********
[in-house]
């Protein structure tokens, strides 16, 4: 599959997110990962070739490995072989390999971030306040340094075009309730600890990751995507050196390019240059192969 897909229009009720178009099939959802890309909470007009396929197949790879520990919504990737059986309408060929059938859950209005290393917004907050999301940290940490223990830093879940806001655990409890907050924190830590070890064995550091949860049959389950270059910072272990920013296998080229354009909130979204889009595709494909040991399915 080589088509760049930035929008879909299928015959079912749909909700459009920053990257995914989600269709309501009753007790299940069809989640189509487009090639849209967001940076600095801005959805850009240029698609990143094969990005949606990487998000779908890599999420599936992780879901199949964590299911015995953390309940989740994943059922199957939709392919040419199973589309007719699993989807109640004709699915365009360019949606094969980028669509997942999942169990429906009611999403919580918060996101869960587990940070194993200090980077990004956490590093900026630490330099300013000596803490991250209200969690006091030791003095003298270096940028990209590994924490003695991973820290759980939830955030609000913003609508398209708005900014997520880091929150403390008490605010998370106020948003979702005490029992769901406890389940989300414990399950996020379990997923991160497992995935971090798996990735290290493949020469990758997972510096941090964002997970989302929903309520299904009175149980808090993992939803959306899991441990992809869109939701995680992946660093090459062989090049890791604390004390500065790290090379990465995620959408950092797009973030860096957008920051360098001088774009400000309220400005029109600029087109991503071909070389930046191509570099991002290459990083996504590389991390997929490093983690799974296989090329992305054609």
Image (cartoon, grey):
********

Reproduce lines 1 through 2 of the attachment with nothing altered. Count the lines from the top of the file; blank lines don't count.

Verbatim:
[in-house]
């Protein structure tokens, strides 16, 4: 599959997110990962070739490995072989390999971030306040340094075009309730600890990751995507050196390019240059192969 897909229009009720178009099939959802890309909470007009396929197949790879520990919504990737059986309408060929059938859950209005290393917004907050999301940290940490223990830093879940806001655990409890907050924190830590070890064995550091949860049959389950270059910072272990920013296998080229354009909130979204889009595709494909040991399915 080589088509760049930035929008879909299928015959079912749909909700459009920053990257995914989600269709309501009753007790299940069809989640189509487009090639849209967001940076600095801005959805850009240029698609990143094969990005949606990487998000779908890599999420599936992780879901199949964590299911015995953390309940989740994943059922199957939709392919040419199973589309007719699993989807109640004709699915365009360019949606094969980028669509997942999942169990429906009611999403919580918060996101869960587990940070194993200090980077990004956490590093900026630490330099300013000596803490991250209200969690006091030791003095003298270096940028990209590994924490003695991973820290759980939830955030609000913003609508398209708005900014997520880091929150403390008490605010998370106020948003979702005490029992769901406890389940989300414990399950996020379990997923991160497992995935971090798996990735290290493949020469990758997972510096941090964002997970989302929903309520299904009175149980808090993992939803959306899991441990992809869109939701995680992946660093090459062989090049890791604390004390500065790290090379990465995620959408950092797009973030860096957008920051360098001088774009400000309220400005029109600029087109991503071909070389930046191509570099991002290459990083996504590389991390997929490093983690799974296989090329992305054609």